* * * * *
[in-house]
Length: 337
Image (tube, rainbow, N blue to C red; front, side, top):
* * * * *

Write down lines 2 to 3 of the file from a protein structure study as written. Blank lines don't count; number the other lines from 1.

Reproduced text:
Length: 337
Image (tube, rainbow, N blue to C red; front, side, top):